Despite being an essential aspect in the evolution of aviation—both private and commercial—military aviation isn’t as accessible to talk about in the public sphere as the former two are. And it’s understandable: after all, why talk about something that you wouldn’t be able to personally experience?
As it turns out, there’s a ton of reasons to. Particularly now, when military aviation is on a roll. That said, for today’s industry roundup we look at all the recent happenings over that sphere of the aviation world.
New milestones for US Navy abound with MQ-25 contract and F-35C operational test
Among the various updates in military aviation the past weeks, the US Navy takes center stage in them with the recent MQ-25 contract awarding to Boeing and the F-35C’s first ever operational test on the sea.
Since last year, the MQ-25 Stingray has long been a hot topic, with four companies—namely General Atomics Aeronautical Systems, Northrop Grumman, Lockheed Martin, and Boeing—battling it out for the coveted contract. The MQ-25 aims to be a carrier-based, unmanned refueling tanker that will also be able to conduct intelligence-gathering, a first in the Navy’s history. With Boeing beating out the other three for the contract, hopefully this might help bring the vision of the MQ-25 as a way to “help combat strikers” by “extending their range,” as per Boeing’s media site.
Aside from this, the Navy’s F-35Cs had also conducted its first operational test over the sea to check for its suitability for operation. Recently, there was a fiasco while the aircraft was being refueled where a portion of the refueling basket broke off and got ingested within the aircraft’s single engine, which is currently being probed by the authorities. However, despite the incident, it managed to return to the carrier nonetheless, which is a “testament to its survivability,” according to a report by the Navy Times. Nevertheless, in the advent of this mishap, the US Navy is working hard to ensure the aircraft’s operability by next year.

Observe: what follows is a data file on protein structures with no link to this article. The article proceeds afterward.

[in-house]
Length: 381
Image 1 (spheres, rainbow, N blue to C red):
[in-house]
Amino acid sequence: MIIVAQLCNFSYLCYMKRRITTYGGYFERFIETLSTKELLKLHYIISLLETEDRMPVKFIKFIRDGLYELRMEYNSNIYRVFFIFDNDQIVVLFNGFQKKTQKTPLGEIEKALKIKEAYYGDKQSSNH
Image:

The Indian Navy gets the go-signal for new helicopters
The US Navy isn’t the only naval force beefing up its aerial fleet. Recently, India’s Navy had finally gotten approval from its Ministry of Defence for the acquisition of 24 multi-role and anti-submarine helicopters to replenish its aging and retired fleet, a requirement that had been put out a decade ago. This delay is in part due to Sikorsky’s withdrawal over the pricing of the S-70B Seahawk, which was the initially agreed-upon model.
The proposal notes that the acquisition of the Sikorsky MH-60Rs will be done via a US Foreign Military Sales channel, according to a report by AIN. The report goes on to say that acceptance of necessity for the aircraft will last for a year and a half, and with that being said, the order needs to be done within that period of time. And fortunately, the deal also comes with 30% offsets.
Aside from this, 111 navy utility helicopters were also cleared for procurement, which will replace some of the Navy’s previous series. Nonetheless, it’ll be interesting to see how these deals will push through, and what it means for India’s naval force in the future.
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